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Mini OLED projector prototype for mobile phones

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June 26, 2009

The lens system of the mini projector used to project the image produced by the OLED (Imag...

The lens system of the mini projector used to project the image produced by the OLED (Image: Fraunhofer)

A new mini projector prototype could see mobile phone users hosting impromptu movie screenings on makeshift screens such as white towels or walls... without killing the battery. Unlike conventional projectors the prototype doesn’t need an additional illumination system. Instead it relies on a lens system to project images produced by an OLED onto a wall or other flat surface.

Operating without an extra light source offers the dual benefits of reduced size and energy requirements. The prototype is 2.5 cm long, has a diameter of 1.8 cm and needs very little energy. This means the projector could be easily integrated into a mobile phone or PDA without overtaxing the devices’ battery.

Currently the prototype’s OLED display produces a monochrome image with a brightness of 10,000 candelas per square meter, and color images about half that level. By way of comparison, a computer monitor generates about 150-300 candelas per square meter.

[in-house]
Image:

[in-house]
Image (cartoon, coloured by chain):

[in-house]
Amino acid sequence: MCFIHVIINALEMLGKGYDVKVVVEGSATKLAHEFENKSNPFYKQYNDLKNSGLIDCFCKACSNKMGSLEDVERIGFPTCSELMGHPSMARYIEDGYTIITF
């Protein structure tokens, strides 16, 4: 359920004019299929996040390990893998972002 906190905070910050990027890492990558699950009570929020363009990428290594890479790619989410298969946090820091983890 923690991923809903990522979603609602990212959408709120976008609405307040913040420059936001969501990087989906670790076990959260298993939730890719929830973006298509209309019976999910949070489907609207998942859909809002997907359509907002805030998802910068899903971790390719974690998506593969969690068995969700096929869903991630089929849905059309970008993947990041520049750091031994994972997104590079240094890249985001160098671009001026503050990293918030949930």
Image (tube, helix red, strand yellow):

The lenses used in the prototype are made of glass, but the development team is working on an optical system that uses plastic lenses. This is because plastic lenses can be embossed, so they can be produced in larger quantities more simply and cheaply than glass lenses.

The mini projector was developed by research scientists at the Fraunhofer Institute for Applied Optics and Precision Engineering IOF in Jena in cooperation with their partners in the EU project HYPOLED.

About the Author
Darren Quick Darren's love of technology started in primary school with a Nintendo Game & Watch Donkey Kong (still functioning) and a Commodore VIC 20 computer (not still functioning). In high school he upgraded to a 286 PC, and he's been following Moore's law ever since. This love of technology continued through a number of university courses and crappy jobs until 2008, when his interests found a home at Gizmag.   All articles by Darren Quick
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